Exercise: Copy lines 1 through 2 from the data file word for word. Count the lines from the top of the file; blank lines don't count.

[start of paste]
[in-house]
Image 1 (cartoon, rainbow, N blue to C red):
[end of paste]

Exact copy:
[in-house]
Image 1 (cartoon, rainbow, N blue to C red):